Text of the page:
The Loneliest Jukebox

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Friday, March 03, 2006

Selection and Committee

It's clear that the people at Amazon are getting more confident with the software that allows them to pinpoint customers with specific tastes. For instance, a while back I bought Penny Von Eschen's excellent book Race Against Empire online. From this, it seems as if someone guessed I would like a copy of Affective Communities: Anticolonial Thought, Fin De Siecle Radicalism and the Politics of Friendship by Leela Gandhi. Maybe, we'll see. But the main point is that the same approach and technology could be used to fine-tune the delivery of information, one individual at a time. There are benefits to this, but also a danger of turning the news into what my colleague Andrew Calcutt calls the 'daily me', where none of the news presented threatens to unsettle your cosy worldview.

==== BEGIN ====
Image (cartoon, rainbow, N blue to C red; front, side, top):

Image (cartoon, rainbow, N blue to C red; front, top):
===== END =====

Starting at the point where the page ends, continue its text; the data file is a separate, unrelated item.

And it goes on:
Elsewhere in cyberspace there's a new trailer for the movie Plato's Breaking Point, on which I did a night's work a few years ago. It looks sweary with gunplay, which is what the British film industry was into back then. It also looks very good, which is the point of trailers I suppose. (You can buy the DVD here from Amazon and have similar purchases suggested to you for the rest of your life.)


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